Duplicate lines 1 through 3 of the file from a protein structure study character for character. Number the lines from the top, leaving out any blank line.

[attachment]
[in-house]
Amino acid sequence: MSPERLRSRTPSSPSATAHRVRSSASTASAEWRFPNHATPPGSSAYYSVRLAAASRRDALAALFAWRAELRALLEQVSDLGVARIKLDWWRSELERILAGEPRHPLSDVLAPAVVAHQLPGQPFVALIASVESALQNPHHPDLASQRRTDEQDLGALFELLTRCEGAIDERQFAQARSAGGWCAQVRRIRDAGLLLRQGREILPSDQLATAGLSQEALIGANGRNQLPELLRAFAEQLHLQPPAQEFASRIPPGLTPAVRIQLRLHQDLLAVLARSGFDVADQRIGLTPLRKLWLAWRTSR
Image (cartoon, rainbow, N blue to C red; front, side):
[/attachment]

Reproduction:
[in-house]
Amino acid sequence: MSPERLRSRTPSSPSATAHRVRSSASTASAEWRFPNHATPPGSSAYYSVRLAAASRRDALAALFAWRAELRALLEQVSDLGVARIKLDWWRSELERILAGEPRHPLSDVLAPAVVAHQLPGQPFVALIASVESALQNPHHPDLASQRRTDEQDLGALFELLTRCEGAIDERQFAQARSAGGWCAQVRRIRDAGLLLRQGREILPSDQLATAGLSQEALIGANGRNQLPELLRAFAEQLHLQPPAQEFASRIPPGLTPAVRIQLRLHQDLLAVLARSGFDVADQRIGLTPLRKLWLAWRTSR
Image (cartoon, rainbow, N blue to C red; front, side):